Regrettably, many jobs seem to include an element of taking advantage of others’ ignorance or lack of alternatives to force them into transactions they otherwise wouldn’t agree to. Companies, governments, individuals, unions, and other players may use their power to coerce others into unfair wages, prices, contract terms, working conditions, hours, or other factors. Although we may not rob banks, steal from our employers, or shoplift, we may very likely be participating in unfair or unethical practices that deprive others of what rights should be theirs. It can be difficult, even career limiting, to resist engaging in these practices, but we are called to do so nonetheless.
The ninth commandment honors the right to one’s own reputation. It finds pointed application in legal proceedings where what people say depicts reality and determines the course of lives. Judicial decisions and other legal processes wield great power. Manipulating them undercuts the ethical fabric of society and thus constitutes a serious offense. Walter Brueggemann says this commandment recognizes “that community life is not possible unless there is an arena in which there is public confidence that social reality will be reliably described and reported.”
Although stated in courtroom language, the ninth commandment also applies to a broad range of situations that touch practically every aspect of life. We should never say or do anything that misrepresents someone else. Brueggemann again provides insight:
Politicians seek to destroy one another in negative campaigning; gossip columnists feed off calumny; and in Christian living rooms, reputations are tarnished or destroyed over cups of coffee served in fine china with dessert. These de facto courtrooms are conducted without due process of law. Accusations are made; hearsay allowed; slander, perjury, and libelous comments uttered without objection. No evidence, no defense. As Christians, we must refuse to participate in or to tolerate any conversation in which a person is being defamed or accused without the person being there to defend himself. It is wrong to pass along hearsay in any form, even as prayer requests or pastoral concerns. More than merely not participating, it is up to Christians to stop rumors and those who spread them in their tracks.
This further suggests that workplace gossip is a serious offense. Some of it pertains to personal, off-site matters, which is evil enough. But what about cases when an employee tarnishes the reputation of a co-worker? Can truth ever truly be spoken when the person being talked about is not there to speak for him or herself? And what about assessments of performance? What safeguards ought to be in place to ensure that reports are fair and accurate? On a large scale, the business of marketing and advertisement operates in the public space among organizations and individuals. In the interest of presenting one’s own products and services in the best possible light, to what extent may one point out the flaws and weaknesses of the competition without incorporating their perspective? Is it possible that the rights of “your neighbor” could include the rights of other companies? The scope of our global economy suggests this command may have wide application indeed.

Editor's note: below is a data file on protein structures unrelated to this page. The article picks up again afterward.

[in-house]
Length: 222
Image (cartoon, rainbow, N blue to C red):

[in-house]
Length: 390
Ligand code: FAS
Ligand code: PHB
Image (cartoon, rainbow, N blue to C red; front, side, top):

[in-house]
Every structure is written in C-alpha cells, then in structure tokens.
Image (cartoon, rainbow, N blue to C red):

The commandment specifically prohibits speaking falsely about another person, but it brings up the question of whether we must tell the truth in every kind of situation. Is issuing false or misleading financial statements a violation of the ninth commandment? How about exaggerated advertising claims, even if they do not falsely disparage competitors? What about assurances from management that mislead employees about impending layoffs? In a world where perception often counts for reality, the rhetoric of persuasion may care little for truth. But the divine origin of the ninth commandment reminds us that God cannot be fooled. At the same time, we recognize that deception is sometimes practiced, accepted, and even approved in the Scriptures. A complete theology of truth and deception draws on texts including, but not limited to, the ninth commandment. (See Truth & Deception at www.theologyofwork.org for a much fuller discussion of this topic, including whether the prohibition of “false witness against your neighbor” includes all forms of lying and deception.)
Walter Brueggemann, “The Book of Exodus,” in vol. 1, The New Interpreter’s Bible: Genesis to Leviticus (Nashville: Abingdon Press, 1994), 431.